As part of our art studies I like to teach the kids about the different kinds of pieces that artists make – still life, portraits, landscapes – you get the idea. One that seems to be often overlooked is the cityscape. We looked at several cityscape pictures and noticed that while more natural landscapes tend to have organic, irregular shapes, cityscapes tend to be with very simple, geometric ones.
We began with a horizon line, in this case, the street. All the structures must be tied into the horizon line in a cityscape (unless you want the buildings to look like they’re floating in the air!) We cut out a street from black construction paper and glued it to our blue construction paper background. That created the horizon line.
Next, the kids used any colors they wanted to to cut out tall buildings using simple geometric shapes of different sizes. The one I pictured was done by my 4 year-old with very little help from me. That’s the beauty of cityscapes – their straight lines make things very simple!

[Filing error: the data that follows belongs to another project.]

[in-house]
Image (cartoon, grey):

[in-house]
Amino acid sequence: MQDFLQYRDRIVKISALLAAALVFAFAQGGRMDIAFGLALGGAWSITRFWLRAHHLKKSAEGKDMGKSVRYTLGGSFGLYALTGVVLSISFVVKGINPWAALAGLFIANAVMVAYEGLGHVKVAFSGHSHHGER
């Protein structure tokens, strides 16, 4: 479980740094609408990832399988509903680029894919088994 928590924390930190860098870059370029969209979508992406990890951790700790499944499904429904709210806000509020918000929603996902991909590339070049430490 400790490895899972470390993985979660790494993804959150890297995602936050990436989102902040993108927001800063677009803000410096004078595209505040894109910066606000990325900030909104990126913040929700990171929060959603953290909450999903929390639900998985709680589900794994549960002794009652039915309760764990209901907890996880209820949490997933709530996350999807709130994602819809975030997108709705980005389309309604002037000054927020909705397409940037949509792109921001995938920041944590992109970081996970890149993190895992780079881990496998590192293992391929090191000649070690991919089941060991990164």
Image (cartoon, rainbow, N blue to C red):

Finally, we added details. A black marker was used to add windows and doors to the buildings, yellow chalk, white out, or a metallic pen make perfect dashes on the street. You can also create white clouds with white chalk if you’d like.
Older kids could add cut-outs of people, cars, fire hydrants, or anything else they’d like to.
- Discuss the idea of organic versus geometric shapes.
- Imagine back to the time before your city (or a nearby city) was there. If it were all just the natural land and you were creating a landscape picture, what colors would you use? Now compare that with the colors you would use if you made a picture of the city as it looks today.
- Make a replica of your cityscape art on another day or another time. Create the same scene, except in the wintertime or make a picture of what it looks like at night.